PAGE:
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Posts Tagged ‘war’

Drone video footage of Homs, in Syria, after the bombing. It is beyond description.

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This is what I hope will be the first of numerous posts about the Nakba, the “Catastrophe” in Arabic, which is generally used to describe the forced removal of thousands of Palestinians from their homeland in 1948. The anniversary, if that is the proper word is generally recognized on May 15, the day after the foundation of the state of Israel, according the Gregorian calendar, being of course, May 14, 1948. But as this very well written history points out, it didn’t begin in 1948, but some 200 years earlier. This is a very sad tale of long term oppression, of brutal imperialist  governments without a care about the people in their rule, but outside their borders. I would ask EVERYONE to read this, to ask questions, to find out what REALLY happened in 1948,, why those who were forced out of their homes and country are STILL not allowed to return. I promise it will anger you, I truly hope it will open your eyes.

http://www.aljazeera.com/programmes/specialseries/2013/05/20135612348774619.html

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Beautiful words from the terror of war. The human spirit is amazing. POEMS: After a night full of missiles in Gaza

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Europe – 14:06, 08 July 2013 Monday

Thousands begin “death march” to mark Srebrenica
Commemorators started backtracking the wooded route through Bosnia that massacre survivors took 18 years ago when they fled the single worst act of genocide in Europe since the Holocaust.

World Bulletin / News Desk
Thousands of participants in the annual “death march” in Bosnia began treading in reverse the steps of 3,500 people who escaped Srebrenica, where the invading Serbian troops killed 8,000 Muslim men in 1995 civil war.
Thousands of people from Turkey, Spain, US, Saudi Arabia, Croatia, Germany and Austria gathered in Nezuk town early on Monday morning and kicked off the “death march” along marches and with flags in their hands.
Despite the heat, participants continue with their three-day-long walk. The walk from the city of Tuzla in the north-eastern region to the eastern town of Srebrenica takes about 112 km.
Participants from all around the world state that their aim is to contribute to remember Srebrencia victims and not experiencing such pains again.
“I think about those painful days when I walk”
Attending the walk from Spain, Sonia Pares told Anadolu Agency that her brother was serving in Bosnia and Herzegovina during the war and then she decided to attend the traditional walks after the war. After her brother’s death, Sonia Pares decided to keep the memories of all victims alive.
Another walker, Emina Cavan from Sweden said she felt debted to attend the walk, despite her old age.
35 km of walk each day
The march will end on July 11 at the Srebrenice Genocide Memorial, known as Potocari Memorial Cemetery for the Victims of the 1995 Genocide, within the scope of the memorial events of the genocide.
Participants will walk about 35 kilometers each day for three days long in order to reach Potocari.
Walkers will rest overnight in the woods where survivors of the genocide who used the “death march” route to escape will share their experiences.
The massacre, recognized by two international courts as an act of genocide, took place on July 11, 1995 when the Serbian troops under the leadership of Ratko Mladic invaded Srebrenica and killed 8,000 men above the age of 14 in the city.
Mladic was extradited to The Hague in 2011 on charges of crimes against humanity and genocide. His trial formally began in May, 2012.

Taken from this link   http://www.worldbulletin.net/?aType=haber&ArticleID=112679

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The Martyred. A link to some amazing, strong, disturbing photos from Gaza. I’m going to allow the photos to speak for themselves.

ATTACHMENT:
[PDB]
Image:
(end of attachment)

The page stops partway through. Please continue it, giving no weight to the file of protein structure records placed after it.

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Dateline Sarajevo 29/05-10 Beginning in the year of my birth and continuing throughout my youth, America was involved in what can best be described as a controversial war, perhaps the first truly “controversial” war in its history, Vietnam. The advent of television brought to moms and dads and the families back home the harsh reality of war right into their living rooms and dinner parties. Over the years, as the war dragged on and on, and the death toll continued to climb, the youth, pressed into compulsory service, began to question what they were dying for. This was the dilemma staring me directly in the face as I approached my 18th birthday. I was literally only one week away from being drafted into military service, or more likely forced into an illegal flight to either Canada or Sweden when the draft was finally stopped. America had lost the war, peace with honor was only a dream (or a lie depending on your perception) and the soldiers who did fight and survive came home to much less than a heroes welcome. Until today, this was as close as I had ever come to war. Now we move to Sarajevo, a beautiful, culturally diverse jewel in central Europe, and the capital of Bosnia and Herzegovina. The city, formed as we know it by the Ottoman empire in 1450 but with origins dating as far back as the Neolithic Age, is flanked by the Dinaric Alps on both the North and South sides, and the Miljacka river which flows through it winding like a snake. The city lies in a deep valley, the Alps rising like beautiful lush green monoliths on either side. When you see it from the plane it’s wondrously beautiful. Lush greens accompanied by tile rooftops looking down on a tranquil oasis of cooperation and community. When you ask the residents about their city one of the first things they point out is the broad cultural diversity. Religious diversity is especially important to these people with adherents of Muslim, Catholic, Judaism and Orthodox faiths peacefully coexisting for centuries. The minarets rise up joyfully proclaiming the presence and devotion. On our first day here, after checking in, my wife, Inger and I left our hotel to begin to explore the city. We hear the chants wafting down in multiple directions, surrounding us and calling to all. The cab ride from the airport is very revealing. New buildings flank ancient ones as the city continues to grow. The diversity, that word pops up again and again, of the architecture is striking. For this observer, however, my eyes are drawn to something else, something moving, something echoing a painful past. Sarajevo is also a city torn apart and almost destroyed by a dreadful war. The damage to the buildings is still painfully visible, although you don’t see as many buildings lying in rubble as you would have 10 or 15 years ago, there remains still many buildings that reveal their scars from mortar fire or shrapnel from the mountains around them. You realize immediately that you can’t escape the war, not yet, not easily. After the breakup of the former Republic of Yugoslavia, Serbian forces, which had aligned themselves with the Yugoslav Peoples Army which was made up of members of the army of the former Republic and very well armed, had begun a build up to capture part of Bosnia and combine it into Serbia, including Sarajevo. They fortified positions in the mountains on both sides and waited. In Sarajevo at this time there were peace demonstrations, which were quite large, and it was during one such demonstration that the siege began. Serbian militants, guards of a Serbian politician, opened fire on a peace demonstration from the top of the Holiday Inn, killing 3 and wounding 50. Thus began one of Europe’s darkest times. The Serbian forces had total control of most of the mountains on either side of the city traffic in and out was impossible. The residents were helpless and easy targets for artillery, mortars, tanks, anti-aircraft guns, heavy machine-guns, multiple rocket launchers, rocket-launched aircraft bombs, and sniper rifles. The roads in and out were cut off and the airport was closed down. About 450,000 residents were helpless and cut off from the world. If they needed to shop food or go outside at all, they were a target for sniper fire from the hills. Their buildings, offices, hotels, churches, markets, homes, hospitals, schools were targets and most buildings were either damaged or destroyed. Electricity and water were cut off, for days or weeks on end, making even preparation of food or heating their house almost impossible. Most of the trees in the city were cut down for firewood. Parks, of which there were many here, were used for cemeteries, with fast services done at night so that the snipers didn’t see them and open fire. The main cemetery lies on a lovely hillside overlooking the Olympic Stadium, however it was in the Serb controlled hills. Access was, of course, impossible. Over the course of almost 4 years, the residents of Bosnia were subject to almost every abomination imaginable, ranging from ethnic cleansing to mass executions, rape and starvation. Residents in Sarajevo came very close to complete starvation, and their only chance for survival weighed in the balance on the success of UN airlifts from the Sarajevo airport that was opened in late June of 1992. On June 1, 1993, at least fifteen people were killed and 80 more were wounded as a result of a mortar attack during a soccer game. Red Cross trucks, which were given clearance to enter Sarajevo, were raided and destroyed, and maternity wards were hit killing mothers and newborns alike. On July 12, 1993, twelve people were killed while in line for water, and on February 5 of the following year mortar shells killed 68, and wounding 200 others in the Sarajevo market place. The ONLY way the city and its residents survived, quite literally was via a tunnel, some 800 meters long running from Bosnian controlled territory to the airport, which even though it was controlled by the UN was still under attack. The tunnel became known as the “tunnel of life” and indeed it was. The more I hear about life here during that time the more I admire the people for their bravery. They are strong people, who have been through something so horrible that I simply can not even begin to comprehend and yet they welcome strangers with a smile. Obviously I am deeply moved by what I have found here. I look out my window now, I see the minaret, hear the chanting, and see the lush green hills. About 2 minutes walk from here is a large cemetery filled with graves, directly outside my hotel window is a small cemetery sitting next to the mosque filled with graves, all of them from the war and I realize that land may have been a park or a garden or a place where children played. In this city almost all of the parks are now cemeteries filled with names of the 11,000 people who died, around 1,400 of them were children. One of the joys of life, for me is to run up into the hills, kick off my shoes and feel the grass on my feet, but here in the hills of Sarajevo that could be deadly as the hills are, to this day, filled with land mines and no one has any idea of how many. There is of course work going on to find them, but it’s painfully slow and dangerous. Obviously the citizens of Sarajevo and Bosnia and Herzegovina have a very painful legacy. The Serbs who once lived within the city are now living outside it in a separate area “Republika Srbska” with their own police force, schools a separate nation almost and there is little social or personal contact between them and the rest of the Sarajevans, as our tour guide said on Monday as we drove through a part of their territory “ There is no contact, it would be too dangerous, no social contact and if one were to get out of the car and attempt it that would be very tense”. The wonderful diversity is almost gone in the aftermath. There are 5,000 euro forces (EU peacekeeping forces) here still and our guide expressed the hope that they remain indefinitely. The Dayton Agreement, which while it brought an end to the violence, is weak and there have been no further negotiations to ease the situation or bring any attempt at unity. This is the city which I find myself so drawn to. Is it because of the war or despite it? Perhaps I’ll never know, but I do know that I am taken by it, by the warmth, my wife and I have experienced almost the beginning, the friendliness of the people we met, by the beauty of the city itself. It is with some sense of sadness, that I start to pack my suitcase and head to Mostar tomorrow, eager for another new city, but very sad to say goodbye to Sarajevo. So it won’t be goodbye, it can’t be. It will be vidimo se, see you!